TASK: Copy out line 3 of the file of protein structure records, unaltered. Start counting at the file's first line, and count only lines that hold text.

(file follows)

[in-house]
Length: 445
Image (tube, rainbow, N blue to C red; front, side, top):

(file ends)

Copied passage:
Image (tube, rainbow, N blue to C red; front, side, top):